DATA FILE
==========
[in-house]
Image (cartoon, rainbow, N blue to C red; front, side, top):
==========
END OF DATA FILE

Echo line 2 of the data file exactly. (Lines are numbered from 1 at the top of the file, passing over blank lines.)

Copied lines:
Image (cartoon, rainbow, N blue to C red; front, side, top):